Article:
First was Tabkha, an area on the shores of the Sea of Galilee that hosts three churches almost side-by-side, each built on what has been identified as a site where Christ delivered an important sermon and/or performed a miracle. The first is the Church of the Multiplication of the Loaves and Fishes. Although the church was built in 1890, the mosaic (including the loaves and fishes), are from the 5th century.
Beside it is the Church of the Primacy of Peter, marking the spot where Christ appeared to the Apostles after the Resurrection. It is a striking building, constructed by the Franciscan order out of black basalt. Here we also went down to the waters of the Sea of Galilee for the first time.
A VIEW ACROSS THE SEA OF GALILEE FROM THE CHURCH
I DON'T KNOW WHAT KIND OF CREATURES THESE ARE, BUT APPARENTLY THEY ARE IN THE BIBLE. I DON'T REMEMBER THEM TALKING, THOUGH!
Higher on the hill behind these two churches is an absolutely gorgeous structure, the Church of the Beatitudes. While we waited for a large group of Korean tourists to finish taking their pictures inside the church, we read some of the Sermon on the Mount from the little New Testament we carried along with us. Wherever the Sermon was delivered along the Sea, it was a very beautiful spot!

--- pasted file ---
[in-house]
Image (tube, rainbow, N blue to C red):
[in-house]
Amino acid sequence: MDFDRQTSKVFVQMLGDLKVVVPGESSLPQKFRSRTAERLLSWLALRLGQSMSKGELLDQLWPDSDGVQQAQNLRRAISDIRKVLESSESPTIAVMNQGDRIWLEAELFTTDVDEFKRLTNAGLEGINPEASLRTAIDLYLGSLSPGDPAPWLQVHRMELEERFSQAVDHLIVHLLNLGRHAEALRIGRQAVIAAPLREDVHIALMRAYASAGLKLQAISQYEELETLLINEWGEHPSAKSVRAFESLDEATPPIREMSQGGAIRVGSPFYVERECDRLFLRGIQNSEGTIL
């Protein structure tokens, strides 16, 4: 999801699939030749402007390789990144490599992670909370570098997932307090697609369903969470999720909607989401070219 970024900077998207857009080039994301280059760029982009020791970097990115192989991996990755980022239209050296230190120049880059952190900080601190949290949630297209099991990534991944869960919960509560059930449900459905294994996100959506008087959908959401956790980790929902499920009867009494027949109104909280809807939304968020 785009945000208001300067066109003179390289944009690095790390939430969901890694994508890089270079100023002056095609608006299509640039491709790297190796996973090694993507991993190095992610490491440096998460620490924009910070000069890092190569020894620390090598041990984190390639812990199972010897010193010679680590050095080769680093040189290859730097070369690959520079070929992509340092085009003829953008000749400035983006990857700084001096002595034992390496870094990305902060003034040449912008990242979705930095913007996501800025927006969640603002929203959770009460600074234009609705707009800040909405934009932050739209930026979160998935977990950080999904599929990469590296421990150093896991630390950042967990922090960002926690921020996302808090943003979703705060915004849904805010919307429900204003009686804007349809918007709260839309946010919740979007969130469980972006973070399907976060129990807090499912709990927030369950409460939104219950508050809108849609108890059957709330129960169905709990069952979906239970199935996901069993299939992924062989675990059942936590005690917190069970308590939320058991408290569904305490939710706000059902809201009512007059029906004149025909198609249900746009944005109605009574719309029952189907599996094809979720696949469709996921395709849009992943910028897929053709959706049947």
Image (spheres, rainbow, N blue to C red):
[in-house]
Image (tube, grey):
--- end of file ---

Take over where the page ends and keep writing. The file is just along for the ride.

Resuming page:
From here we drove a short distance to Capernaum, at the northern shore of the Galilee. It is a strange site. According to the Bible, it was to here that Christ came when he left Nazareth as a young adult, and it served as the focus of his ministry in the Galilee area. It was also the hometown of several of the Disciples. The remains of a very early house-church were excavated here, which was then naturally identified (whether correctly or not) with the house of Simon Peter, who the Bible says was a local. A church was constructed directly on top of the excavations, elevated above it, and you can look down through a glass floor to see the house below. The result is kind of a space-age looking church that seems ready to take off.
YOU CAN'T REALLY SEE MUCH OF "PETER'S HOUSE" THROUGH THE GLASS FLOOR OF THE CHURCH, BUT HERE IT IS